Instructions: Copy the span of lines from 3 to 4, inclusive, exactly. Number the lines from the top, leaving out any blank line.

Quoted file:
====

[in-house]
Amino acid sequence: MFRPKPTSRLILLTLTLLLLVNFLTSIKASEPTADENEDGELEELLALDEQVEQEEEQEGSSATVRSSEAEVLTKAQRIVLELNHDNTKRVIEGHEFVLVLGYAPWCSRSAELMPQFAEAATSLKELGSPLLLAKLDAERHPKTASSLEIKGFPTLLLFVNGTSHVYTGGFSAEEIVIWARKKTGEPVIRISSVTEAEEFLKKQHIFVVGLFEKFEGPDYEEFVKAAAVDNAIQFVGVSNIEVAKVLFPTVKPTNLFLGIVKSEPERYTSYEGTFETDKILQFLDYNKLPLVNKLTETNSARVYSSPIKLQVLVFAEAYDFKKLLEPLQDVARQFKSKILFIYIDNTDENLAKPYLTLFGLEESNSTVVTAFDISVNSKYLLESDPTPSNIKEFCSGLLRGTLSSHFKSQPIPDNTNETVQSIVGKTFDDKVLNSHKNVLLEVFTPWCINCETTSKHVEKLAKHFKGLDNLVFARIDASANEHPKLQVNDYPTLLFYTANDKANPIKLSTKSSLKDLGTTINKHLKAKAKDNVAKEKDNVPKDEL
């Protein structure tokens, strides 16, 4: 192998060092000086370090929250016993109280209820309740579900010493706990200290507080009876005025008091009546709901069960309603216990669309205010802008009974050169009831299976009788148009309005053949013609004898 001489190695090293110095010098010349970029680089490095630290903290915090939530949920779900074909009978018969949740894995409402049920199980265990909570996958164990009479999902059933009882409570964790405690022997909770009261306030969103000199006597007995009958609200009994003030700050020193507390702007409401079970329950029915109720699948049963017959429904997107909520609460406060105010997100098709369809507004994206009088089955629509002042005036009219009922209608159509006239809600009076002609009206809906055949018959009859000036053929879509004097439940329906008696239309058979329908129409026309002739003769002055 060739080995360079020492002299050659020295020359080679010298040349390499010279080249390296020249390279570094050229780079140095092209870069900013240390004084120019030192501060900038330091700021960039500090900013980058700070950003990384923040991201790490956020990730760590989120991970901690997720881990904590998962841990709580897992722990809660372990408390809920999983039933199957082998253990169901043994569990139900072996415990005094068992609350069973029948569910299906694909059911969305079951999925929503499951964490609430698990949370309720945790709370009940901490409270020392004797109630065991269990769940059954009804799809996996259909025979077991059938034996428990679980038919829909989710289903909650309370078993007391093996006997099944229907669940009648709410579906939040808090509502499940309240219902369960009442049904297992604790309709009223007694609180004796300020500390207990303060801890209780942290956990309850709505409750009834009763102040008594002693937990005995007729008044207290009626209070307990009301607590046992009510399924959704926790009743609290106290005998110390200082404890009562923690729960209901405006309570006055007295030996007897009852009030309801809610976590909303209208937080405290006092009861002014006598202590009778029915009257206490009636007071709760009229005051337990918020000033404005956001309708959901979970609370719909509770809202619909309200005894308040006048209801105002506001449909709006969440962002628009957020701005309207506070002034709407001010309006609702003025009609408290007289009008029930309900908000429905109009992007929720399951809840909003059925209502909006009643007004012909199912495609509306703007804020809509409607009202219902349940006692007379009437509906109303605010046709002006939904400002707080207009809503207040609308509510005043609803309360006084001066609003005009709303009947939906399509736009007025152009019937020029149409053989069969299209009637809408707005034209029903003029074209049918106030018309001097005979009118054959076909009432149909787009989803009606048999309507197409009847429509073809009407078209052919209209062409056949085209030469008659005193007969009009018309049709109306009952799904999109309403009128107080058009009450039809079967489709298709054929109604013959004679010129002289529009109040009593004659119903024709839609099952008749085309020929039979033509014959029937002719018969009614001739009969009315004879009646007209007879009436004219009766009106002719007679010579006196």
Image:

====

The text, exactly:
């Protein structure tokens, strides 16, 4: 192998060092000086370090929250016993109280209820309740579900010493706990200290507080009876005025008091009546709901069960309603216990669309205010802008009974050169009831299976009788148009309005053949013609004898 001489190695090293110095010098010349970029680089490095630290903290915090939530949920779900074909009978018969949740894995409402049920199980265990909570996958164990009479999902059933009882409570964790405690022997909770009261306030969103000199006597007995009958609200009994003030700050020193507390702007409401079970329950029915109720699948049963017959429904997107909520609460406060105010997100098709369809507004994206009088089955629509002042005036009219009922209608159509006239809600009076002609009206809906055949018959009859000036053929879509004097439940329906008696239309058979329908129409026309002739003769002055 060739080995360079020492002299050659020295020359080679010298040349390499010279080249390296020249390279570094050229780079140095092209870069900013240390004084120019030192501060900038330091700021960039500090900013980058700070950003990384923040991201790490956020990730760590989120991970901690997720881990904590998962841990709580897992722990809660372990408390809920999983039933199957082998253990169901043994569990139900072996415990005094068992609350069973029948569910299906694909059911969305079951999925929503499951964490609430698990949370309720945790709370009940901490409270020392004797109630065991269990769940059954009804799809996996259909025979077991059938034996428990679980038919829909989710289903909650309370078993007391093996006997099944229907669940009648709410579906939040808090509502499940309240219902369960009442049904297992604790309709009223007694609180004796300020500390207990303060801890209780942290956990309850709505409750009834009763102040008594002693937990005995007729008044207290009626209070307990009301607590046992009510399924959704926790009743609290106290005998110390200082404890009562923690729960209901405006309570006055007295030996007897009852009030309801809610976590909303209208937080405290006092009861002014006598202590009778029915009257206490009636007071709760009229005051337990918020000033404005956001309708959901979970609370719909509770809202619909309200005894308040006048209801105002506001449909709006969440962002628009957020701005309207506070002034709407001010309006609702003025009609408290007289009008029930309900908000429905109009992007929720399951809840909003059925209502909006009643007004012909199912495609509306703007804020809509409607009202219902349940006692007379009437509906109303605010046709002006939904400002707080207009809503207040609308509510005043609803309360006084001066609003005009709303009947939906399509736009007025152009019937020029149409053989069969299209009637809408707005034209029903003029074209049918106030018309001097005979009118054959076909009432149909787009989803009606048999309507197409009847429509073809009407078209052919209209062409056949085209030469008659005193007969009009018309049709109306009952799904999109309403009128107080058009009450039809079967489709298709054929109604013959004679010129002289529009109040009593004659119903024709839609099952008749085309020929039979033509014959029937002719018969009614001739009969009315004879009646007209007879009436004219009766009106002719007679010579006196």
Image: